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Star Wars: Battle for Hoth

For: iPhone   Also on: Windows Phone

I'm not the father

Product: Star Wars: Battle for Hoth | Developer: FluffyLogic | Publisher: THQ Wireless | Format: iPhone | Genre: Tower defence | Players: 1 | Version: US | App version: 1.0.0
Star Wars: Battle for Hoth iPhone, thumbnail 1
More than 30 years has passed since the theatrical release of The Empire Strikes Back. From the look of Star Wars: Battle for Hoth, I wouldn't blame you for thinking it was released in tandem.

The graphics aren't the only thing outdated in this Star Wars-themed tower defence title - time has passed over its unsophisticated gameplay, too.

It's an unfortunate situation because Star Wars: Battle for Hoth starts with a promising idea that never gets going due to poor tactical balancing, fiddly controls, and a disappointing presentation.


As commander of the Rebel Alliance outpost on the icy planet Hoth, your job is to maintain defences as Imperial forces arrive at your doorstep. AT-ATs, speeder bikes, Imperial infantry, TIE fighters - it's an all-out assault on the rebel base that can only be stopped by deploying an array of defensive units.

You're limited to Rebel infantry, heavy weapon soldiers, and funnelling enemies via trenches during the first few missions of the 15-level campaign, more exciting units such as X-Wings and laser turrets become available later on as you dig in against Imperial forces.

The sad reality is that none of these fanciful units matters much due to sloppy design that renders them no more useful than your starting arsenal.

It's not only possible but advisable to buy scores of heavy weapon soldiers (i.e. machine gunners) instead of spending a load of cash on exotic defences such as low-riding Snowspeeders and anti-infantry turrets.

More expensive units are no hardier than their cheap counterparts, so you're better off pocketing the cash for upgrades to boost attack power.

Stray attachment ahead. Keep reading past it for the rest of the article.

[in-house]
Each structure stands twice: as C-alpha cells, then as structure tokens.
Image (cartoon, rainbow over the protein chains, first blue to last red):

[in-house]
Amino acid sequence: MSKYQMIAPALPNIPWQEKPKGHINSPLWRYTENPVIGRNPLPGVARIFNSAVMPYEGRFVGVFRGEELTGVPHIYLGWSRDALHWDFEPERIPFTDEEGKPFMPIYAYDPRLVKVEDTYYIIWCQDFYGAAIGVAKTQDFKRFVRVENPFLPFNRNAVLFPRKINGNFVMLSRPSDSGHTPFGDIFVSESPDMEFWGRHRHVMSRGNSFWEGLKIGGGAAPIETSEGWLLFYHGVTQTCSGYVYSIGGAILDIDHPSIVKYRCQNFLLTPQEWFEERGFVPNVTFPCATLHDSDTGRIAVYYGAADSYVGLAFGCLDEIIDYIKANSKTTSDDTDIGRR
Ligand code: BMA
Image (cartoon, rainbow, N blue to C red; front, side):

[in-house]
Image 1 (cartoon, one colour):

There is no try

Not only does this sap all the challenge out of the game, but it also strips away tactical considerations that define all good tower defence games.

Battle for Hoth
plays more like a time-management game than tower defence. More time is spent managing upgrades and filling gaps whenever a soldier dies amid a maze of cheap units than contemplating strategy.

Other problems play a role in diminishing the good idea that was Battle for Hoth. Finicky controls often result in the unintended selling off or upgrading of units, confusing maps make it difficult to determine where enemies appears, and there's a sense that the economy hasn't been weighted appropriately.

It's disappointing because it's easy to see how this could have been a phenomenal game.

The silver lining

Even so, there are sparks of brilliance. The interface that lines the edges of the screen is smartly designed and a clever reward system involves tapping command point icons from defeated enemies.

Whenever command points appear on the screen, a quick tap deposits it into your bank. Extra points are awarded by sliding over multiple command points, acting as a multiplier.

My favourite feature is the low number of waves per level. Rather than artificially raise the level of difficulty by packing 40-50 waves per mission, each level consists of no more than 30 waves. It's one of the few tower defence games to understand that short is sweet.

Unfortunately, these intelligent features aren't enough to save Battle for Hoth from its bland gameplay. With the tactics essentially stripped out of the game, it's difficult to see how it could offer a satisfying tower defence fix.
Star Wars: Battle for Hoth
Reviewer photo
Tracy Erickson | 6 August 2010
Poor design prevents the cool idea that is Star Wars: Battle for Hoth from becoming a great tower defence game
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